Paternal Age Confers A Risk For Baby

Maternal factors evaluating birth risks have been preeminent in society, but current studies are revealing that advanced paternal age also comes with significant health ramifications. In fact, understanding a father’s biological role has become a pivotal source of comprehensive studies with more and more men becoming fathers past the age of 40. Essentially, men’s biological clocks, in a way, are also ticking and it’s about time.


A recent study of more than 40.5 million births in the United States revealed potentially harmful effects of advanced paternal age on a baby’s risk of prematurity, low birth weight, low Apgar score and risk of seizures, as well as the mother’s chances of developing gestational diabetes.

The study, directed by Dr. Michael L. Eisenberg, a urologist and head of male reproductive medicine and surgery at Stanford University School of Medicine, concluded that “more than 12 percent of births to fathers aged 45 years or older with adverse outcomes might have been prevented were the fathers younger.”

More specifically, fathers older than 45 had a 14 percent greater chance than fathers in their 20s and 30s of their babies being born prematurely. As the advanced in age, their babies were more likely to depend on breathing assistance and ultimately require neonatal intensive care. Furthermore, mothers also faced a 28 percent increased risk of gestational diabetes.

An earlier review conducted by Eisenberg and Dr. Simon L. Conti, clinical assistant professor of urology at Stanford reveals less distinguishable factors at birth. They discovered that paternal aging was linked to an increased risk of babies born with congenital diseases such as dwarfism or developing psychiatric disorders like schizophrenia, bipolar disorder and developmental ones like autism.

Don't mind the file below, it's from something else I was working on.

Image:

Despite the fact that men continuously produce new sperm after puberty, the quality of a their 'swimmers' has been known to come into question. Eisenberg explains that semen quality diminishes - more specifically, volume lessens and the motility and shape of sperm decline a little. In a nutshell - lessening the capacity of a man’s sperm to fertilize an egg.

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Dr. Eisenberg and colleagues suggest mutations appear to be the culprit - both occurring and accumulating in the DNA of sperm-forming cells, and environmental exposures can change the genes in sperm themselves affecting growth factors for both the placenta and the embryo.

Not exclusive to women, a man’s preconception health is also a monumental factor. Dr. Hilary K. Brown, a researcher in reproductive public health at the University of Toronto notes that obesity, chronic disease and behaviors like smoking and alcohol consumption that could potentially affect the health of a pregnancy.

Men’s Health, shares that a woman’s fertility eventually ends, while men typically father into their later years, noting there’s no expiration date on when guys can father a child. Case in point: Rocker Mick Jagger just had his eighth child at the age of 73, and the truth is, more and more men are choosing to do so.


Despite the trending data, Eisenberg asserts drastic measures need not be taken. He claims his findings represent an ‘informational ammunition’ for people planning a family and hopes that they will serve to educate the public and health officials.

“If you buy two lottery tickets instead of one, your chances of winning double, so it’s increased by 100 percent,” he said. “But that’s a relative increase. Because your chance of winning the lottery started very small, it’s still unlikely that you’re going to win the lottery. This is a very extreme example, but the same concept can be applied to how you think about these birth risks,” - Science Daily.

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